Adding trees and shrubs to the new landscaping will create a vision of beauty in your garden, however, there are some things to consider when doing so.  Trees and shrubs are more permanent parts of the landscape than annual and perennial flowers. Annual flowers must be replanted ever year and most perennial flowers that come up every year can be easily moved.  This is not the case with trees and shrubs.  It is important to take into consideration how large a tree or shrub will get at maturity, how long it takes to reach maturity, and the plant’s long term needs. For example, a small white pine tree may look elegant in the landscaping next to a red brick home but within a few short years it will outgrow the space and it will need to be removed.  A better option for such a space would be to plant an aborvaete or juniper that grows vertically and slender.  This will still give the homeowner the elegant evergreen appearance and the plant will be able to thrive in that space for many years to come.

Color and bloom time for each plant is also a consideration when planning a new garden or landscape.  Some plants, like hostas and coral bells,  are grown strickly for their foliage texture and color.   However, plants like peonies and lilacs, which are grown for their showy colorful blooms, have a definite bloom time.  It is important to plan around the bloom time of each plant to allow your garden to have consistent bloom coverage for the entire growing season.  To get the most from your garden, plant a mix of flowers and shrubs in the colors you like that start blooming in early spring, like tulips and forsythia, with summer bloomimg plants, like coneflowers and viburnum, and fall blooming plants, like mums and asters.  Then, to make sure there is no time your garden color falls flat, add in some annuals for all season color and a show-stopping look.


Planning your new garden or redesigning an old one is fun way to stay in the gardening spirit even when the snow is falling outside. And, creating a good plan ahead of time will  give you a beautiful garden or landscape that is colorful and inviting all season long!

Happy gardening!

Quote of the Day

A black cat among roses, phlox, lilac-misted under a quarter moon, the sweet smells of heliotrope and night-scented stock. The garden is very still.  It is dazed with moonlight, contented with perfume…
― Amy Lowell, American poet

Is It An Evergreen Or A Conifer?

“I love evergreens. Or is it a conifer? I don’t know! I’m confused.”  I heard statements like this many times over the years while I was working at the garden nursery. It’s understandable. These terms are easily misunderstood and some plants are both. Let me explain.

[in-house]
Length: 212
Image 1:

What Are Evergreens?

Evergreens are plants that hold their needles or leaves throughout the year. Evergreen simply means the plant does not go dormant at any time during the year.  The plant stays “green”, or rather, it holds its leaves or needles and photosynthesis does not cease, although growth usually slows or stops all together.  Plants that are evergreen may vary depending on which climate zone you live in.  Some plants are evergreen in warmer climates and deciduous in colder climates. Others plants are evergreen no matter which zone you live in. Evergreens can include such plants as pine, spruce, holly, juniper, viburnum, bay leaf, camellia, lavender -the list goes on and on.

Buffalo Juniper
Buffalo Juniper photo by Wanette Lenling

In contrast to evergreens, deciduous plants lose their leaves and go dormant during certain times of the year.  For example, maple and oak trees generally go dormant in Fall and all their leaves drop to the ground.  Anyone who has to clean up leaves in Fall knows this concept well.

Then What Are Conifers?

The word “conifer” literally means “cone bearing”, so conifers are plants that reproduce by growing a cone to hold their seeds rather than producing a flower.  The class Coniferinae includes such plants as spruce, pine, and juniper.  But this class also includes plants that drop their needles or leaves like the tamarisk, larch, bald cypress, and dawn redwood.  Conifers that drop their leaves or needles are called deciduous conifers, meaning they shed all their needles or leaves at certain times of the year but they still produce cones.

Black Hills Spruce
Black Hills Spruce photo by Wanette Lenling

So What Are Evergreen Conifers Then?

Simple. Evergreen conifers are plants that produce cones and hold their needles or leaves all year round.  This would include such plants as spruce, pine, yews, and junipers.

Globe Blue Spruce
Globe Blue Spruce photo by Wanette Lenling

There you have it.  The answer to the conifer/evergreen conundrum. No matter what you call them, they are amazing plants that are absolutely gorgeous and fun to grow. These plants can be giants, like the ancient dawn redwood which can grow up to 60 feet in height or more, or teeny tiny plants like the Mitsch Mini Mugo Pine that grow to only 14 inches tall. If you have never grown evergreens or conifers, I highly recommend trying it. There are so many to choose from, you are bound to find one (or two!) that you love.

Happy Gardening!

Quote of the Day

“The pine stays green in winter…wisdom in hardship.”

 – Norman Douglas